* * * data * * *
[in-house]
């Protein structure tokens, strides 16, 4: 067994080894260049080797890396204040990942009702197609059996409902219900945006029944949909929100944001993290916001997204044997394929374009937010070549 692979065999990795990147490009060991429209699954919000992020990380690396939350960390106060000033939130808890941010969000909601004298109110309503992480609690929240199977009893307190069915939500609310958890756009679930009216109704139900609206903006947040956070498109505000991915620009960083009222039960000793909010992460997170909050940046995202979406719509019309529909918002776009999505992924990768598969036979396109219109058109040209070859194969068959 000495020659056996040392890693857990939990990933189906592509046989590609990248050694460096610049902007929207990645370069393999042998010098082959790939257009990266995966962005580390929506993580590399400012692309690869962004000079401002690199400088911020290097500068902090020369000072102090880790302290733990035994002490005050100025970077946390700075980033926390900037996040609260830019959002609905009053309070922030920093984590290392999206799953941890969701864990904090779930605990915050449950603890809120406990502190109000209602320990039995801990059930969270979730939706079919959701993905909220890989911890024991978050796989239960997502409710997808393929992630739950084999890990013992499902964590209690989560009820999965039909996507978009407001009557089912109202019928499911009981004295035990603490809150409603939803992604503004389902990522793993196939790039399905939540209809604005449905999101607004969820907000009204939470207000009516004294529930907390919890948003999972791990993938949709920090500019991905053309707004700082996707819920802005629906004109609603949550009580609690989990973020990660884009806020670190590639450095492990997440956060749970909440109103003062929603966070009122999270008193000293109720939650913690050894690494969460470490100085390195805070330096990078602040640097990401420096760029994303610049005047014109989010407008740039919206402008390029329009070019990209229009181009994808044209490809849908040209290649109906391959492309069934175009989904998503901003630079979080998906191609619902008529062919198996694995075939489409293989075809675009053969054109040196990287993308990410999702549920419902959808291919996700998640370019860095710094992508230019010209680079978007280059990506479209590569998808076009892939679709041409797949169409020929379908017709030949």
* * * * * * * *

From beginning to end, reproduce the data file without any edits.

[in-house]
């Protein structure tokens, strides 16, 4: 067994080894260049080797890396204040990942009702197609059996409902219900945006029944949909929100944001993290916001997204044997394929374009937010070549 692979065999990795990147490009060991429209699954919000992020990380690396939350960390106060000033939130808890941010969000909601004298109110309503992480609690929240199977009893307190069915939500609310958890756009679930009216109704139900609206903006947040956070498109505000991915620009960083009222039960000793909010992460997170909050940046995202979406719509019309529909918002776009999505992924990768598969036979396109219109058109040209070859194969068959 000495020659056996040392890693857990939990990933189906592509046989590609990248050694460096610049902007929207990645370069393999042998010098082959790939257009990266995966962005580390929506993580590399400012692309690869962004000079401002690199400088911020290097500068902090020369000072102090880790302290733990035994002490005050100025970077946390700075980033926390900037996040609260830019959002609905009053309070922030920093984590290392999206799953941890969701864990904090779930605990915050449950603890809120406990502190109000209602320990039995801990059930969270979730939706079919959701993905909220890989911890024991978050796989239960997502409710997808393929992630739950084999890990013992499902964590209690989560009820999965039909996507978009407001009557089912109202019928499911009981004295035990603490809150409603939803992604503004389902990522793993196939790039399905939540209809604005449905999101607004969820907000009204939470207000009516004294529930907390919890948003999972791990993938949709920090500019991905053309707004700082996707819920802005629906004109609603949550009580609690989990973020990660884009806020670190590639450095492990997440956060749970909440109103003062929603966070009122999270008193000293109720939650913690050894690494969460470490100085390195805070330096990078602040640097990401420096760029994303610049005047014109989010407008740039919206402008390029329009070019990209229009181009994808044209490809849908040209290649109906391959492309069934175009989904998503901003630079979080998906191609619902008529062919198996694995075939489409293989075809675009053969054109040196990287993308990410999702549920419902959808291919996700998640370019860095710094992508230019010209680079978007280059990506479209590569998808076009892939679709041409797949169409020929379908017709030949």